The sixth book in the forever popular series of the king of the jungle. Tales of King Arthur and his legendary Knights of the Round Table. The French translation of the classic poem 'The Raven' by Edgar Allan Poe. Moby Dick, a vicious whale, has bitten off the leg of Captain Ahab, who seeks revenge. Jun 25, 2013 The Boy Who Loved Math.: Deborah Heiligman. Roaring Brook Press, Jun 25, 2013 - Juvenile Nonfiction - 44 pages. Most people think of mathematicians as solitary, working away in isolation. And, it's true, many of them do. But Paul Erdos never followed the usual path. At the age of four, he could ask you when you were born and then.
The Boy Who Loved Math: The Improbable Life of Paul Erdös
Illustrated by LeUyen Pham
Roaring Brook Press Ages 6 & up
Download the educator’s guide
So many wonderful people are saying such nice things about The Boy. Here are some of the nice things that have happened:
From Brain Pickings: The Boy Who Loved Math: The Illustrated Story of Eccentric Genius and Lovable Oddball Paul Erdős
THE BOY WHO LOVED MATH was named an Anne Izard Award winner. This is an award for storytelling given my librarians in Westchester County, New York. I was not able to go to the ceremony (I was on my way to Sardinia), but I sent my acceptance. Thank you to all on the committee!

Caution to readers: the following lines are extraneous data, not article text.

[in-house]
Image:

THE BOY WHO LOVED MATH won the Cook Prize. For details please visit the Bank Street page here. This one is special to me because the finalists were chosen by the Bank Street Book Committee, but then the winner was voted on by epsilons! Actual children. Paul would love that.
THE BOY also has been fortunate enough to get these honors and awards:
The Boy is an Orbis Pictus Honor!
And an ALA Notable!
It’s a New York Times Notable Children’s Book of 2013. I like how they talk about it on the podcast, too.
The NYPL named it one of their 100 titles to Read and Share.
Kirkus named it a Best Book of 2013
Booklist named it an Editors’ Choice for Youth 2013.
Booklist named it a Top Ten Book About Science 2013.